The fields are still blooming in the Marl Bed Flats area by Lake Jesup but it is still wet…very wet: Unlike the drought out west, Florida’s rainfall as of October 1st has equaled what we normally receive for a full year. Plus, some of the areas that are usually packed with flowers are overgrown by other plants. I’ve heard from a number of you who have tried to see the fields this year but were disappointed.
I’m guessing that we have another week before the flowers start to fade, so this might be the last weekend for you to see the extravaganza this year with the flowers at their peak. If you are interested, then I’ll help you get to this spot.
But first, let me be clear. Don’t be like the couple I met at the trailhead yesterday who expected that they were going to drive up to an overlook, step out of the car and start snapping photos. This isn’t Disney. You are going to have to hike about 20 minutes out to the fields. You are going to be bit by mosquitos (no matter how much DEET you have on) and your feet are going to get wet (unless you have waterproof boots). If you are still game, then read on.
Note: If the following directions look familiar to you, it is because they are identical to those I’ve published in past years UNTIL you get to step #6:
- 1. First of all, once you are in the Orlando area, get on SR 417 (the Greeneway toll road) and exit (east) on E Lake Mary Blvd (the first exit north of Lake Jesup) and head east. Then take a right (south) on South Sanford Ave. Take a left (east) on Pine Way (this will be just before you drive under the 417 again). Take a right (south) on S.Mellonville Ave. This will dead-end into Oakway…turn left (east). Oakway is a narrow two lane road with no shoulders so be careful if a vehicle is coming the other way.
- 2) Oakway dead-ends at a small parking area that is open during daylight hours (see photo above). If the gate is closed you can park outside the gate on the shoulder of the road.
- 3) The trail starts at the gate (see below) located in the back south-eastern corner of the lot located next to the parking area. As you walk to the gate, you will likely see your first sunflowers in the fenced field to your right.
- 4) Follow the trail on the other side of the gate (actually an old overgrown dirt road).
- 5) You will see trail markers with both red and yellow diamonds.
- 6) Within five minutes, the trail will split. In past years, I’ve always told you to continue straight (on the Red Trail) but this year, you need to take the right fork at this split and follow the Yellow Trail
- 7) This trail is marked with yellow diamonds and will take you thru an oak hammock. The trail will curve to the left (south). Continue on the trail (actually an old dirt road) until you see the flats .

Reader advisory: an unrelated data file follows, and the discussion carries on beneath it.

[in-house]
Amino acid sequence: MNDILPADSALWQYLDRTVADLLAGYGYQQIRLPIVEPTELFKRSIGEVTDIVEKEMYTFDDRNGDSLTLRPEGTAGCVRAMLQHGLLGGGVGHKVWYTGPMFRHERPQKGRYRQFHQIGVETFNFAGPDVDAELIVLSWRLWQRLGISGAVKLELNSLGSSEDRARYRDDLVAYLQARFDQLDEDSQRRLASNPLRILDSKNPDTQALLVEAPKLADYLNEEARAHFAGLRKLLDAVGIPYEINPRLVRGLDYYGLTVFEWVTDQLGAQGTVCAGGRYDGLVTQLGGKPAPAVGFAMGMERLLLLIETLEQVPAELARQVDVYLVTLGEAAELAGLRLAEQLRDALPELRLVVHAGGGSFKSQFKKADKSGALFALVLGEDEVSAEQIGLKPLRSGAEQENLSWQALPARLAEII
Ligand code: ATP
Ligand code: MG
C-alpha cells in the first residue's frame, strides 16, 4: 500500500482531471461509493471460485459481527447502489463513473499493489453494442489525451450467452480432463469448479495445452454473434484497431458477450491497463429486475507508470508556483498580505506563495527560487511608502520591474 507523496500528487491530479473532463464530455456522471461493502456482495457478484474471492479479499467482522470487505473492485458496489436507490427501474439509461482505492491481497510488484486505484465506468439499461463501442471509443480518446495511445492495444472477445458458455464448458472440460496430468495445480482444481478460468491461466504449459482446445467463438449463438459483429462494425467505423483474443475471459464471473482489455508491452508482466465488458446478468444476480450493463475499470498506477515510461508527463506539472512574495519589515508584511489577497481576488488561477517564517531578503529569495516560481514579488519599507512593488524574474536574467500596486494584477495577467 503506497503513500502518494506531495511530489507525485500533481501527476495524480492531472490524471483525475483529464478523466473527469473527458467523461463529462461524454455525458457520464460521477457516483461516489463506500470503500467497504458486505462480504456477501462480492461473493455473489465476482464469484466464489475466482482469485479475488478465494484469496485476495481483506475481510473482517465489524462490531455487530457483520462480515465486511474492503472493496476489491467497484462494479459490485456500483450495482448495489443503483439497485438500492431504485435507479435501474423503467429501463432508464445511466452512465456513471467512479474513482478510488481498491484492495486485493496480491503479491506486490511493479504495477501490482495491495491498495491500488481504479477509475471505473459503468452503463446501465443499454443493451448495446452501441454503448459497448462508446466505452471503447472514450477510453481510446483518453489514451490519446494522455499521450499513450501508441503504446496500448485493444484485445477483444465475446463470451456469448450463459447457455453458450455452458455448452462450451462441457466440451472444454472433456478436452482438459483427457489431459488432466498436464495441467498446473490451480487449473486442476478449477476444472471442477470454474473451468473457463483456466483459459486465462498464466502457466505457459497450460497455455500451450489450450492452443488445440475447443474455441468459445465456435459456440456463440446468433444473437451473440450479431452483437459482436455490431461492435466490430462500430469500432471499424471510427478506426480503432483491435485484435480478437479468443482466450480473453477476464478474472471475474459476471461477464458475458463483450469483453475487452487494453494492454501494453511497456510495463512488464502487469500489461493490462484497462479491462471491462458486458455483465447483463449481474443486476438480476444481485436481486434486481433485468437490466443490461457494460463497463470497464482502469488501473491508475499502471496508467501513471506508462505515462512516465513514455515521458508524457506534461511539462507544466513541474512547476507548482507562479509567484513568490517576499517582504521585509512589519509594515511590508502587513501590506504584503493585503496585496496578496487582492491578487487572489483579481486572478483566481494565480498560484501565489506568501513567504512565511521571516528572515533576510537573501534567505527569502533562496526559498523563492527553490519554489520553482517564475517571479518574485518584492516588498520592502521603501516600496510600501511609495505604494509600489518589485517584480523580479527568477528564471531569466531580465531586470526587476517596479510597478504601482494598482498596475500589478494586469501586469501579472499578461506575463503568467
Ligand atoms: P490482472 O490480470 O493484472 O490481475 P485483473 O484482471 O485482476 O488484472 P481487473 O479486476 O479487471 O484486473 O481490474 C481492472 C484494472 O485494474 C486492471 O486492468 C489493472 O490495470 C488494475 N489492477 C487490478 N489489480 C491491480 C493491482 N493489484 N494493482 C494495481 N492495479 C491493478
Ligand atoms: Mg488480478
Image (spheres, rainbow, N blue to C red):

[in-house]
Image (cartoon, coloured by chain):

- 8) At the edge of the flats, the trail/road will take a sharp right and become completely overgrown. As you stand here looking out to the flats you will see a long, perfectly straight row of palm trees leading off south-east into the flats.
- 9) Walk along that line of trees (no need to follow it to the end). As you do so, you should see the field of sunflowers to your left (south-east). This area is particularly nice in the afternoon with the sun to your back.
Here’s a map that shows the trails:
It is really gorgeous out there right now and I hope you are able to get out there and enjoy it. If so, be sure to review my list of tips and suggestions before you go…it will help you avoid some of the mistakes I’ve made in the past and make for a more enjoyable day.
PS: If you know of any other good locations, please let me know.
- I’ve heard rumors that are good fields in the Tosohatchee Wildlife Management Area along Power Line Road. I hope to check that report out in the next 3 or 4 days.
- UPDATE: I drove out to Tosohatchee on Oct 13. I only found a few small clumps of sunflowers.
- I did check out the Caldwell’s Field area at Lake Jesup Park on Oct. 9th, but it was totally underwater…don’t waste your time.
- I haven’t yet hiked the East Lake Jesup Tract or the North Cameron Tract this year. If anyone has seen these areas recently, please let me know if they were dry.
- UPDATE: I heard from one of my readers on Oct 11th that the North Cameron Tract is dry this year, but the flowers are not as profuse as they are in the Marl Bed Flats.
PSS: Fellow local photographer Ed Rosack was out at the fields yesterday also. Here is his report: http://edrosack.com/2015/10/10/beauty-and-bugs-in-the-soggy-swamp-sunflowers-2015/
PSSS: Here is a shot of my 6′ son in the fields yesterday: